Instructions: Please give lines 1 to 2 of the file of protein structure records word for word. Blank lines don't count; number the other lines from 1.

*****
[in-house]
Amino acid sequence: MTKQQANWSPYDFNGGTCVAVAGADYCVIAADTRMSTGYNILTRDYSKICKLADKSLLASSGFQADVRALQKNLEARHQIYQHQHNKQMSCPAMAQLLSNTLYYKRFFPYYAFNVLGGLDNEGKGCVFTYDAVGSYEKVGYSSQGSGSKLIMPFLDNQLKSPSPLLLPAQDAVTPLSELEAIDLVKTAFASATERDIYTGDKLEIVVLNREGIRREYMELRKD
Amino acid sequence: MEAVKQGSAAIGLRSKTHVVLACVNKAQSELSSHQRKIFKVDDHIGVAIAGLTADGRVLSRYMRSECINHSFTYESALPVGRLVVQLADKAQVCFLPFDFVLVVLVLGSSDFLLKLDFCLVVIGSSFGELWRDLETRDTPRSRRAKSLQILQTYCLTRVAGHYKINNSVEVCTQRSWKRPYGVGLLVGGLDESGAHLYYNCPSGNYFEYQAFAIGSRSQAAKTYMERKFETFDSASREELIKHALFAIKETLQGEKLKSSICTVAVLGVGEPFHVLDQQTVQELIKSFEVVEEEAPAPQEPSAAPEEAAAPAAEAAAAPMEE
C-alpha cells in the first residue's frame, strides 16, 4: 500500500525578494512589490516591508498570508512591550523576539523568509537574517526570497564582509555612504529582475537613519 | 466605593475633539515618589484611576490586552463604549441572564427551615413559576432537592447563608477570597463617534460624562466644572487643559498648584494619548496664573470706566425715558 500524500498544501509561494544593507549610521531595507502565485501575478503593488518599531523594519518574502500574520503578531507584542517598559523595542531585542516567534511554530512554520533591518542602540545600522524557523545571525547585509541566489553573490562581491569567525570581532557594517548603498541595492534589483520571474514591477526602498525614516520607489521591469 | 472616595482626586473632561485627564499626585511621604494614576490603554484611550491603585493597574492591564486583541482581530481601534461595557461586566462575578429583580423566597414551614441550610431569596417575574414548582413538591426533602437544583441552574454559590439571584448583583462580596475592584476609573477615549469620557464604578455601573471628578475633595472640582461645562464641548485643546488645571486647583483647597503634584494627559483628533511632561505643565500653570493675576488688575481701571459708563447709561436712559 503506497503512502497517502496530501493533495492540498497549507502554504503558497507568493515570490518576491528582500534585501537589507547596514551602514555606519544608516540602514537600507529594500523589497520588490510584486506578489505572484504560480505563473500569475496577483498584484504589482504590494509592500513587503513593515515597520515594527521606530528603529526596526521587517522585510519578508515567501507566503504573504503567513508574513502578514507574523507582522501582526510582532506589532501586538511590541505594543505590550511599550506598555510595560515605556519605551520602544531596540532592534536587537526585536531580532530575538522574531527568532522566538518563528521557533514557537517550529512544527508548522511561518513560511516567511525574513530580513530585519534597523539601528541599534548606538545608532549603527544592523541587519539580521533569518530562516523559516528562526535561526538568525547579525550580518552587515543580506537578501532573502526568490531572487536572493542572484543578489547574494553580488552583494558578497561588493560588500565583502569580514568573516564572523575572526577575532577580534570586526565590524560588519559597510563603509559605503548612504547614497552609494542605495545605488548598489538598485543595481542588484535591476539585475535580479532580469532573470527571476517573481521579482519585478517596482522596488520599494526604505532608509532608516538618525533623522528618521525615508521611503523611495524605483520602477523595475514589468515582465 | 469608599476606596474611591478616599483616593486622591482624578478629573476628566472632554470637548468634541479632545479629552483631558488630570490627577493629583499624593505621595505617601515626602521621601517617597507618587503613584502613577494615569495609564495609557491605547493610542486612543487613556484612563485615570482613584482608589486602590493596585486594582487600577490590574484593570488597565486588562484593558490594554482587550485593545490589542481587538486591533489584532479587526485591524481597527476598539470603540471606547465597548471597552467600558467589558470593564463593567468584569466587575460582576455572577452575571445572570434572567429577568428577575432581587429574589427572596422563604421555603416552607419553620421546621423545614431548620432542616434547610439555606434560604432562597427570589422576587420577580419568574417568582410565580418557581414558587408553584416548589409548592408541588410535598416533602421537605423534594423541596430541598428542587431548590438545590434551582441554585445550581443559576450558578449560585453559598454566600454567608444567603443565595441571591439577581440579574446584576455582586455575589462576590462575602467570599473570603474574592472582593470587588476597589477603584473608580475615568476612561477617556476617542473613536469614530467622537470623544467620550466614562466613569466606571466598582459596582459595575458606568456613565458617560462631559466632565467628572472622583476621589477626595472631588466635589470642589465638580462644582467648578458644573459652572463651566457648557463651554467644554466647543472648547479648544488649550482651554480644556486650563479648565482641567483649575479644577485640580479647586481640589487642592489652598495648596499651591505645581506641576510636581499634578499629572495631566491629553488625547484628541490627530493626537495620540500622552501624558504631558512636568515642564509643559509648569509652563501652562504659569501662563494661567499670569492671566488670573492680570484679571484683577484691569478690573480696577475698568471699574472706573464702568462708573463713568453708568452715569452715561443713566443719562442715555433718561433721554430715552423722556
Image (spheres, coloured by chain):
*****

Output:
[in-house]
Amino acid sequence: MTKQQANWSPYDFNGGTCVAVAGADYCVIAADTRMSTGYNILTRDYSKICKLADKSLLASSGFQADVRALQKNLEARHQIYQHQHNKQMSCPAMAQLLSNTLYYKRFFPYYAFNVLGGLDNEGKGCVFTYDAVGSYEKVGYSSQGSGSKLIMPFLDNQLKSPSPLLLPAQDAVTPLSELEAIDLVKTAFASATERDIYTGDKLEIVVLNREGIRREYMELRKD